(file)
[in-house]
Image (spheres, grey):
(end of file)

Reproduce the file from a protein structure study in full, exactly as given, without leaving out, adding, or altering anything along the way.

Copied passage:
[in-house]
Image (spheres, grey):